SD 62 superintendent Jim Cambridge and trustee chair Wendy Hobbs help unload school supplies donated by Monks Office Supply. The company gave enough supplies for 155 kids at Savory elementary school.

Sweet donations for Savory school

The fire that swept through part of Savory elementary school has left school supplies layered in soot and off limits to kids, but the community has stepped up to replace what was lost.

The fire that swept through part of Savory elementary has left school supplies layered in soot and off limits to kids, but the community has stepped up to replace what was lost.

Langford Fire Rescue has ordered the school district not to allow children to use any personal school supplies left in desks or lockers, said Jim Cambridge, SD 62 superintendent.

“Even though some items looked like they could be wiped down, like pencils, books and paper, unless they are professionally cleaned we can’t use them,” Cambridge said.

When word came in that the 155 students would need brand new supplies, Monk Office Supply decided to help out. On Monday afternoon a Monk truck arrived at the Sooke School District office with dozens of boxes of supplies for each student in the school – pens, pencils, crayons, books, rulers, binders, paper and more. The donation is worth about $5,500.

“This is absolutely fantastic. (we are grateful to) all the people have helped and donated school supplies,” Cambridge said.

“Monks has outfitted every student in the school with enough school supplies for the year,” added Savory principal Klaus Benker. He expected parents would have to buy supplies just a few weeks after stocking up for the new school year.

“It’s quite overwhelming and it’s astounding at how people want to help in this situation,” Benker said. “It’s been so stressful for the the children and their parents.”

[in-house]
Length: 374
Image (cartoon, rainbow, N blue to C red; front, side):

The Sept. 11 fire destroyed the administrative offices of the school. Two Langford teenagers have been arrested and charged with arson. The cleanup is expected to take a few more weeks.

James Mckenzie, president of Monk Office Supply said that saving a few pens and pencils is not worth the risk of kids ingesting toxic soot.

“With the little ones, every pencil goes in their mouths,” Mckenzie said. “It was just a shame especially at the beginning of the school year when the kids come to school with all their supplies.”

All items in the school, except school supplies purchased by parents, will be professionally cleaned before children go back to classrooms at Savory. Kids’ personal school supplies are not cleaned because they are not insured by the district, Cambridge said.

Other local businesses and groups have offered the small elementary school a helping hand as well. Staples donated $1,500 in gift cards and is offering a 15 per cent discount for all Savory students and teachers.

Grand & Toy donated school bags and backpacks. George Jay and Willway elementary schools offered up donations, as well as many individual donors.


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